Insights into Anti-Inflammatory Capabilities of Plant Polyphenols for Treatment of Alzheimer’s Disease

Principal Investigator: Melissa Moss, PhD

PubMed

The global aim of our research is to use biomedical engineering and molecular biology tools to study the mechanism responsible for changes in protein folding, cell-protein interaction and inflammatory immune response to misfolded proteins in Alzheimer’s Disease (AD). AD is characterized by deposits of aggregated amyloid-b protein (Ab) within the brain parenchyma and cerebrovasculature. This pathology is coupled with elevated inflammatory response. AD brains with Ab deposits co-localized with vessel-associated immune cells exhibit a compromised blood-brain barrier (BBB) integrity.

melissa Moss
Melissa Moss
Project PI:

The goal of the current study is to expand on our preliminary
results that

  1. Interaction of  soluble Ab aggregates, but not monomeric Ab with cerebrovascular endothelial cells is responsible for inflammatory responses such as increased endothelial expression of adhesion molecules, increased monocyte adhesion and reduced permeability when tested in in vitro cultures.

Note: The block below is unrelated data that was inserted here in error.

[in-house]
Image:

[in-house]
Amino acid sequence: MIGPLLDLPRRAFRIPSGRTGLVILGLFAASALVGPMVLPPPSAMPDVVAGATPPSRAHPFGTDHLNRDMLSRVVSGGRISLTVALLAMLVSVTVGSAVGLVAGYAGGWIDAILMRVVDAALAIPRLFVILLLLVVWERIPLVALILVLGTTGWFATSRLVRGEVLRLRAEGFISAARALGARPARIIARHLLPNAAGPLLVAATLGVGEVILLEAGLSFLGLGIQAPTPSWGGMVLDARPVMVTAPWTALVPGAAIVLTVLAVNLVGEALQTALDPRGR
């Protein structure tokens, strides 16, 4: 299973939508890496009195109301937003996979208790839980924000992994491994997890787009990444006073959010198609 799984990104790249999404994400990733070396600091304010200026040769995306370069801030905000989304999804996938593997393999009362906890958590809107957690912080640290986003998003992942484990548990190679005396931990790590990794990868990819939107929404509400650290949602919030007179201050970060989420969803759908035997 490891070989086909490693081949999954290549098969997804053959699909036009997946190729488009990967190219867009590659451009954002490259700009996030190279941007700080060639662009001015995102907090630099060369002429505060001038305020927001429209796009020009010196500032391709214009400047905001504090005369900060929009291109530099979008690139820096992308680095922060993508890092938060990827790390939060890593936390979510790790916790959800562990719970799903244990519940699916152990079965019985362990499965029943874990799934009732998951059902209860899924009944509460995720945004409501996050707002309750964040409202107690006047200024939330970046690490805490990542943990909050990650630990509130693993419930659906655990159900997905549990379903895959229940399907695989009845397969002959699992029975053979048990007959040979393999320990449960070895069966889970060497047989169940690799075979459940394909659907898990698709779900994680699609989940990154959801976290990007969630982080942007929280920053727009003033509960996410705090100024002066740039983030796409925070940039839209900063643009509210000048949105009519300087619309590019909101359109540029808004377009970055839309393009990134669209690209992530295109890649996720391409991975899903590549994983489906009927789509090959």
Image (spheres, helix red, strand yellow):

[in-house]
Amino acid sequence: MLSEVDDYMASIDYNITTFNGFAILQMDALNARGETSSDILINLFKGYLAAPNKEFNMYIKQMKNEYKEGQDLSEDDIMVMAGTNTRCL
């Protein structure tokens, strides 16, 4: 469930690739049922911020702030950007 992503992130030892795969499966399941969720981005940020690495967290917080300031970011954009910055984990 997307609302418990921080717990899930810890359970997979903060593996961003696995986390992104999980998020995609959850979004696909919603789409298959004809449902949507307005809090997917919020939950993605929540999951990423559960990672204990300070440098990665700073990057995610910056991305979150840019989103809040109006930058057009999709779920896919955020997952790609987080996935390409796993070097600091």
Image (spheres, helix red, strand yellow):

2. These inflammatory responses by aggregated Ab are mediated via NF-kB signaling, where reactive oxygen species (ROS) induced by aggregated Ab serve as second messengers.

We will test the hypothesis that plant polyphenols will reduce Ab-induced inflammatory responses in endothelial cells by interfering with both Ab aggregation and ROS second messengers. We will test if plant polyphenols act as aggregation inhibitors to attenuate Ab-induced vascular inflammatory responses. Combinations of polyphenols that are synergistic in action as demonstrated by their ability to  reduce NF-kB signaling, exhibiting similar anti-oxidant capabilities and varying ability to inhibit Ab aggregation will be identified. These studies will form the basis for future therapeutics development for the treatment of Alzheimer’s disease using plant polyphenols.

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